Whereas since 1992, the Cooperative Threat Reduction (CTR) program of assistance to the Russian Federation and certain other states of the former Soviet Union, initiated under the leadership of Senators Sam Nunn and Richard Lugar, has proven an effective and necessary tool to combat the proliferation of weapons of mass destruction at a cost far below that of maintaining such weapons;

    Whereas additional reductions in nuclear armaments of both the United States and the Russian Federation, together with other nuclear powers, will—

    (1) meet the objective of the eventual elimination of nuclear weapons as prescribed in article VI of the Treaty on the Non-Proliferation of Nuclear Weapons and the vision of a nuclear-weapon-free world of Presidents Reagan and Gorbachev at the Reykjavik Summit of 1986;

    (2) reduce the number of nuclear weapons subject to diversion or theft by terrorist groups; and

    (3) eventually make available additional funds in the range of tens of billions of dollars to further enhance international security by reducing world poverty, thereby addressing one of the factors contributing to international terrorism;

    Whereas the United States and the Russian Federation, committed by international agreement as well as joint commitments by their respective Presidents, will reduce nuclear armaments in coming years and will encourage other countries to do likewise;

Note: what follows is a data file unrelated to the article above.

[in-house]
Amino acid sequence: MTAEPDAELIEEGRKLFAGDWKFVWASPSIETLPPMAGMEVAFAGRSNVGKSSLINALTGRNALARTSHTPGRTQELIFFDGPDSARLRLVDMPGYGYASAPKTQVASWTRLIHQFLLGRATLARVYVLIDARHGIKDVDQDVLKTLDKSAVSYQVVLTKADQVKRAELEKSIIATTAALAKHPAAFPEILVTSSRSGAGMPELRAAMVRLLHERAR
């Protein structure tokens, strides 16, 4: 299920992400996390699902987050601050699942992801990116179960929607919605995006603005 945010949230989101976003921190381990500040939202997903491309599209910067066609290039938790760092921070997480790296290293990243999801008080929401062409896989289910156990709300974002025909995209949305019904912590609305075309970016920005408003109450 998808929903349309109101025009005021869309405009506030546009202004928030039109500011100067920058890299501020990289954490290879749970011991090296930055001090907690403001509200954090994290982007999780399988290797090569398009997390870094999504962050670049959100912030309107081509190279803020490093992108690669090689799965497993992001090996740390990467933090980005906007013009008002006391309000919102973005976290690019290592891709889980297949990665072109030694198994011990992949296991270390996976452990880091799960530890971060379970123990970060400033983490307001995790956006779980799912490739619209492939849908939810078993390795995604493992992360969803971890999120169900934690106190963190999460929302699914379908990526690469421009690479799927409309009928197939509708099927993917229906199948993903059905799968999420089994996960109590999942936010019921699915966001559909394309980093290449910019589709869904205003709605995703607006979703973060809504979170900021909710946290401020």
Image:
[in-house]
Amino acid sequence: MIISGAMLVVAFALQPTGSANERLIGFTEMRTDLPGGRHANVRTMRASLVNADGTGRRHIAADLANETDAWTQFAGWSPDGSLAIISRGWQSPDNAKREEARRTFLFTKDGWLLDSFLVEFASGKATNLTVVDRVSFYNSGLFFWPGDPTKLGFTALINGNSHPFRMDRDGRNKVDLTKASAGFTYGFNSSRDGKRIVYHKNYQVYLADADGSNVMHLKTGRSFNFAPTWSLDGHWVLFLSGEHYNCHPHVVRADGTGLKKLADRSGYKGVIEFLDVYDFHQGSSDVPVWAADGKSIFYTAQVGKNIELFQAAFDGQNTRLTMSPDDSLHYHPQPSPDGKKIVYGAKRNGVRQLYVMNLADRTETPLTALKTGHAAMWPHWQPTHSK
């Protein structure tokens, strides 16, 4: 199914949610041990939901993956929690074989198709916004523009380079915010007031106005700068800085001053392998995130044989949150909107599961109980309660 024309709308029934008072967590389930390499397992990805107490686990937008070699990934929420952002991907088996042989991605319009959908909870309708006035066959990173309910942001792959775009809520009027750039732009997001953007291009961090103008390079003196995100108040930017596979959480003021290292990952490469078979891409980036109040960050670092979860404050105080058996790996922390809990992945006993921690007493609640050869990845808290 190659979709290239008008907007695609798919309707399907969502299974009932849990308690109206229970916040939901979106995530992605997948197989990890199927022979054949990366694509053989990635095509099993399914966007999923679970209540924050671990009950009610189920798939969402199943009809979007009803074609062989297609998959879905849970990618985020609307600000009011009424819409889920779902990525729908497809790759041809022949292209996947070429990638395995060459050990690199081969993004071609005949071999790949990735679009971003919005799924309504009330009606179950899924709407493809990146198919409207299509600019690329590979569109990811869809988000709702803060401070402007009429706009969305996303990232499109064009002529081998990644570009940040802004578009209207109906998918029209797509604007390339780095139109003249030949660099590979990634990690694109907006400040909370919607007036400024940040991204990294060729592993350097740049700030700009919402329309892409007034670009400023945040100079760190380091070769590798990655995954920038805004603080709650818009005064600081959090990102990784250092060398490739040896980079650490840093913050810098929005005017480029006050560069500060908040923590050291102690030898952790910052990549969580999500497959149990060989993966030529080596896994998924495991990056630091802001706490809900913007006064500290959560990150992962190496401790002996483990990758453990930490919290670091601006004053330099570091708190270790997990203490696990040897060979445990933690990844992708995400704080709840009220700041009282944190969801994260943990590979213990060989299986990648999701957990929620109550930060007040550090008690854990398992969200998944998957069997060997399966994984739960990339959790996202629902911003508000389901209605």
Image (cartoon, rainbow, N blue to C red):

Whereas the Task Force on Department of Energy Nonproliferation Programs with Russia, commonly known as the Baker-Cutler Task Force, recommended in its final report of January 10, 2001, significant increases in the amounts of funding devoted to securing nuclear arsenals and other weapons of mass destruction;

    Whereas the savings generated in the long term by significant reduction of nuclear armaments will be appreciable, with estimates as high as $13,000,000,000 annually, even in the face of the real costs of eliminating a large portion of the nuclear arsenals of both the Russian Federation and the United States;

    Whereas on March 22, 2002, President George W. Bush stated that “We fight against poverty because hope is an answer to terror. We fight against poverty because opportunity is a fundamental right to human dignity. We fight against poverty because faith requires it and conscience demands it. We fight against poverty with a growing conviction that major progress is within our reach.”;